Additional Observations on the Review Board and DePaul’s Mehrene Larudee Tenure Case

I am struck by the fact that Professor Larudee has never received the University Board on Faculty Promotion and Tenure denial of tenure report. Perhaps that is “privileged” but I have seen no evidence that she has had any substantive indications explicating why the U.B.P.T. recommended the denial of tenure. Her only notification of the report was the one-sentence reference that was contained in DePaul University President Dennis H. Holtschneider’s, C.M. June 8, 2007 letter. I wonder if the U.B.P.T. were able in both the Finkelstein and Larudee cases to inititate such arbitrary reversals of departmental/programmatic, college peer review because it operates in the shadows without apparent transparency for those whose careers may be banished?

The Review Board, in their denial of Professor Larudee’s appeal, specifically affirm that she was improperly prevented from receiving a substantive summary of the U.B.P.T. report, that included the actual vote and the grounds for the decision before the report was sent to the next stage of review. The report seriatim listed the various reasons why the DePaul Faculty Handbook should have been adhered to. DePaul faculty are entitled in receiving at each stage of the review process a report or a summary of the decision before the review goes to a higher level of assessment. Yet the Review Board, in  repeatedly conceding that the professor should have received a report of the U.B.P.T. before Fr. Holtschneider had access to it, dismissed the complaint because she could not have used that report in appealing directly to the president.  While agreeing substantively with one of her major complaints in her appeal of the denial-of-tenure letter by Fr. Holtschneider, the Review Board took the unusual step in averring that it made no difference given the absence of an appeal process that could be taken directly to the president.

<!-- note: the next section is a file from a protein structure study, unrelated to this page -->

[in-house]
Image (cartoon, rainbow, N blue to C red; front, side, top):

Yet how could the DePaul University Review Board effectively render an opinion on a tenure appeal when it did not possess the U.B.P.T. majority report? It relied merely on the outrageously brief and incomplete letter of the president. Dr Larudee was also at a distinct disadvantage because she did not have access to the U.B.P.T. finding against her. She was appealing a tenure-denial decision without having the means to refute the specific allegations concerning her teaching and scholarship. Note that Professor Larudee was recommended for tenure by the International Studies Programme, the College of Liberal Arts and Sciences Personnel Committee and the college dean, Chuck Suchar.

The Review Board should have ruled that due process was violated in a manner that WAS substantive and not irrelevant to her capacity to appeal her decision. Namely: Dr Larudee was prevented from exercising due process; the denial of a reasonably thorough report was egregious and that the lack of transparency materially affected her capacity to appeal. They then should have accepted her appeal of her tenure denial on the grounds that her rights were violated by the administration. The Review Board should have ruled that the failure of the administration to adhere to the Faculty Handbook in the transmittal of documents prevented both the Review Board from rendering and the professor from receiving a  fair hearing.

Note: The DePaul University Faculty Council is meeting Wednesday, November 6, 2007 and the Academic Freedom Task Force report is to be presented (but it only has 20 minutes on the agenda). This task force was convoked to address the seminal issues of academic freedom that have been so blatantly eviscerated in recent months at the Vincentian university. Professor Larudee is holding an informational meeting on Thursday afternoon at 3:30 for faculty in the College of Liberal Arts and Sciences.

This entry was posted in Academia/Academic Freedom. Bookmark the permalink.